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SSCC 170 - Is the best time to shop at a store right after it has a breach? [PODCAST]

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Here's the latest episode of our weekly security podcast.

Join Sophos experts Chester Wisniewski, John Shier and Paul Ducklin as they turn news into advice...

"Oops! I'm sorry about that" - 60 Sec Security [VIDEO]

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Here it is - this week's 60 Second Security video.

News that will amuse, and it only takes a minute...

POODLE attack takes bytes out of your encrypted data - here's what to do

Heartbleed, Shellshock, Sandworm...and now POODLE.

It's a security hole that could let crooks read your encrypted web traffic.

Paul Ducklin takes you through how it works, and what you can do to avoid it, in plain (well, plain-ish) English...

SSCC 165 - "U2 or not U2," that is the question [PODCAST]

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It's Chet Chat time!

Here's this week's episode of our news-you-can-use security podcast...

Firefox sneaks out an "inbetweener" update, with security improvements rather than fixes

Usually, if everything goes according to plan, Firefox updates appear every six weeks.

But if needs must, Mozilla delivers in-between updates, too, and that's what has happened here, bumping Firefox from version 32.0 to 32.0.1.

Firefox 32.0 fixes holes, shakes out some old SSL certs, introduces certificate pinning

Yesterday was Firefox's Fortytwosday (updates come out every 42 days, on Tuesdays, in a nod to Douglas Adams), bringing us to Firefox 32.0.

There are also two Extended Support Releases for the more conservative amongst us...

New iOS malware with a funky name: "Unflod Baby Panda"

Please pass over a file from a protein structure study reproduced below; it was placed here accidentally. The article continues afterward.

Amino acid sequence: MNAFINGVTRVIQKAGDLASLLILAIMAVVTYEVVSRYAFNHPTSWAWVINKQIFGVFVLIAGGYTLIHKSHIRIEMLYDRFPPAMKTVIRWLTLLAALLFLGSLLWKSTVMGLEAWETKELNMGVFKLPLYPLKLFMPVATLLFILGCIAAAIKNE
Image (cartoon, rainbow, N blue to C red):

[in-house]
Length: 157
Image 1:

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You may have heard mention, over the past few days, of some curiously-named new iOS malware.

You'll hear it called "Unflod", because of the name of the file in which it was found, as well as "Baby Panda."

Paul Ducklin goes on a Panda expedition...

Facebook survives, Apple patches, and Naked Security wins! 60 Sec Security [VIDEO]

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How harmless is that "Facebook shutting down on 29 February" hoax?

Is system reimaging really a security tool?

Find out this and more! 60 Sec Security - 01 Mar 2014

SSCC 136 - Apple's "goto fail", Neiman Marcus's logfiles, and Adobe's double update [PODCAST]

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Chester ducks out of booth duties at the RSA 2014 conference in San Francisco to bring you this week's Chet Chat.

From Apple's SSL bug to Adobe's second-in-a-month emergency Flash update, Chet and Duck once again help you to learn from others' mistakes.

Apple ships OS X 10.9.2 - delivers on promise to patch SSL/TLS hole "very soon"

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Forget my unofficial patch for OS X!

Apple has done what it said, and delivered the latest update to Mavericks, numbered OS X 10.9.2, "very soon."

Anatomy of a "goto fail" - Apple's SSL bug explained, plus an unofficial patch for OS X!

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Apple just patched an SSL/TLS bug in iOS - but the flaw is not yet fixed in OS X.